Reviews for Till Death Do Us Bark
Booklist Reviews 2011 January #1
Book three in the 43 Old Cemetery Road series finds Seymour taking on an abandoned Irish wolfhound that barks around the clock, much to the dismay of his adoptive parents. While searching for the dog's owner, Seymour encounters the ghost of Noah Breth, an eccentric millionaire who converted his fortune to rare coins in an attempt to teach his unpleasant children a lesson. The Klise sisters have their formula down to a science: a heavily illustrated, comedic/ghostly mystery revealed in a series of letters and documents by a quirky cast whose pun-filled names are truly groanworthy. Another adventure is promised. Copyright 2011 Booklist Reviews.
Horn Book Guide Reviews 2011 Fall
In this third installment about young Seymour and his caretakers (one who's alive, the other a ghost), a mystery and family dilemma are sparked by the discovery of a stray dog and by the reading of a multimillionaire's will. Previous visitors to Old Cemetery Road will continue to enjoy the Klises' clever narrative devices--letters, newspaper extracts, font changes, and well-placed black-and-white illustrations. Copyright 2011 Horn Book Guide Reviews.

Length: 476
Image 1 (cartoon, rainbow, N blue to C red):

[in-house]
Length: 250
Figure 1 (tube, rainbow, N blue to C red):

Kirkus Reviews 2011 April #1
The third installment in this cheery little series set in the town of Ghastly adds severalÂ new characters: siblings Kitty and Kanine Breth and a dog loud enough to wake the dead. Once again, the sisters Klise deliver their story through letters, newspaper articles, notes and transcripts, all illustrated with M. Sarah Klise's delightfully imaginative drawings. Seymour finds a dog, which everyone knows was owned by the recently deceased Noah Breth and which Seymour intends to keep. The dog, "Secret," barks all night, however, disturbing even ghosts. Shadow the cat disappears, while Olive and Ignatius begin squabbling. Attempting to restore harmony, Seymour takes Secret and leaves. Meanwhile, the greedy heirs of Noah Breth arrive to squabble over his fortune. Rare coins keep turning up all over town. Everyone looks for Seymour and Secret. As always, the authors keep readers giggling with the clever, usually death-related names invented for their characters (M. Balm, Fay Tality and Mike Ondolences). Phrases turn nicely as well: During a written and rather heated conversation between Ignatius and Olive, she writes, "I refuse to continue this conversation if you're going to raise your font at me." Good, merry fun dances on every page, with bubbling humor for child and adult alike. (Humor. 8-12) Copyright Kirkus 2011 Kirkus/BPI Communications.All rights reserved.